Election Crisis In Malaysia
Malaysia does have a king, but his position is more ceremonial than functional as the Prime Minister is the “hands-on” leader of the country. In its recent election for the position, the Prime Minster’s position is in a virtual tie with neither candidate receiving the required majority vote. In a case like this, the King has the authority to appoint the Prime Minister. The King initially proposed that the two form a coalition government and work together, but that option was turned down when neither opposition leader Anwar Ibrahim nor former premier Muhyidden Yassin won the simple majority to form a government.
The King asked the Malaysian people to accept any decision he made about the government. Many factors play into the country’s leadership position: religion, race, and region, all highly contentious. Anwar’s progressive coalition is facing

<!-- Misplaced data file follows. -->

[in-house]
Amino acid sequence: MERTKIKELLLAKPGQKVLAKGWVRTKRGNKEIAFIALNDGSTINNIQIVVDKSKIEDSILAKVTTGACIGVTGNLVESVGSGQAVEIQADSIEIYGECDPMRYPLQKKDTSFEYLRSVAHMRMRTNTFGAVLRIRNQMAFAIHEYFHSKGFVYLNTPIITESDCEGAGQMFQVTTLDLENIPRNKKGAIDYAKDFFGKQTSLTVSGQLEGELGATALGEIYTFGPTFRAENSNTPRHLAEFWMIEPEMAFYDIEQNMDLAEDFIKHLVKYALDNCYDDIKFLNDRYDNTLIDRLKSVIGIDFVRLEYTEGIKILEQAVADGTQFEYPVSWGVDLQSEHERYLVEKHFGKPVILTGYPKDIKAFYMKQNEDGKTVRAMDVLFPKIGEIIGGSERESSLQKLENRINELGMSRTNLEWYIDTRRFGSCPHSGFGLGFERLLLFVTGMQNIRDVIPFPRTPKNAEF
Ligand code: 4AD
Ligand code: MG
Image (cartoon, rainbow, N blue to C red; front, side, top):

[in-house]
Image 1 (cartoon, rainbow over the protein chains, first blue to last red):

Muhyddin’s bloc is Islamist with large ethnic Chinese and Indian minorities.
What has ushered in this uncertainty in the country? For many years, the once-dominant Barisan and its leading party, the United Malays National Organization (UMNO) led the government, but the collapse of the coalition from infighting destroyed its ability to function well.
Muhyddin’s Islamist coalition would almost certainly try to usher in sharia law which is raising huge fears in Malaysia. Christian believers would face an uncertain future.